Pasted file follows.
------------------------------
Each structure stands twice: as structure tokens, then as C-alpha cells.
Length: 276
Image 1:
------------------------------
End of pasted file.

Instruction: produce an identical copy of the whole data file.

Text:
Each structure stands twice: as structure tokens, then as C-alpha cells.
Length: 276
Image 1: